A repellent history of violations that includes blood spills, putrid odors, and horse remains in nearby yards continues to this day.
As unwilling host to a horse slaughter plant, I believe my city should have a voice in the economic argument. In Kaufman, horse slaughter is the reverse of economic development. Dallas Crown drains our resources, thwarts economic development and stigmatizes our community.
All 3 of the horse slaughter plants in the U.S. employ a total of fewer than 200 people. They cost American taxpayers $5 million annually in federal funding for oversight, USDA inspections, transport inspections, etc, according to federal officials. There is no economic justification for horse slaughter.
In your article Monsieur Kemseke, one of a long line of managers who “neglected to perform within the standards required of them” and an owner of Dallas Crown, notes that he paid for the over-sized flag that greets drivers coming into town, and wonders who will buy the next one if Dallas Crown closes.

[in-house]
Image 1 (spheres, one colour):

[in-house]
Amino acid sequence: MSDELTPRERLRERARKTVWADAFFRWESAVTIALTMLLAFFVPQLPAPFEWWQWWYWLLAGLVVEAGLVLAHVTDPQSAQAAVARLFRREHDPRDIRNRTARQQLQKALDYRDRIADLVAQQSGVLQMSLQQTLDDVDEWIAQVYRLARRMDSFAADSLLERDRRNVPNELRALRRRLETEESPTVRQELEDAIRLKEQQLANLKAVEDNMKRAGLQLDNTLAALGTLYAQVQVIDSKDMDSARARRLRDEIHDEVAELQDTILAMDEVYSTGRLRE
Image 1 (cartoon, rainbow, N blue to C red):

Kemseke’s cavalier and insincere concern over our financial ability to purchase an American flag perfectly illustrates the horse slaughter “industry” in the U.S.: Horse slaughter ridicules American values while gouging our resources. The flag does not make up for the economic and stigmatizing drain that Dallas Crown has brought our community. A $100 flag in the face of the $6 million cost to taxpayers? Perfect. This is the brand of corporate citizen Dallas Crown is to Kaufman, and the kind of industry horse slaughter is to the U.S.
Please. Spare us from any more of this supposed charity.
Mayor, City of Kaufman
2006 Update- LOCALLY THE DALLAS CROWN VIOLATIONS ARE TIED UP IN THE COURTS, AND THE CITY ATTORNEY HAS ADVISED THE CITY MANAGER, NOT TO ISSUE CITATIONS FOR 100’S OF VIOLATIONS AS IT WOULD NOT LOOK GOOD TO THE JUDGES. THERE ARE 481 VIOLATIONS DOCUMENTED ON THE EXCEL SHEET (HIGHLIGHTED)– 481 VIOLATIONS LISTED HERE IN A 19 MONTH PERIOD FOR WHICH 23 CITATIONS HAVE BEEN PAID (THEN THEY DEMANDED JURY TRIALS (in municipal court!) FOR REMAINING CITATIONS).
THIS LEAVES $916,000 IN FINES ON THE TABLE, UNRESOLVED.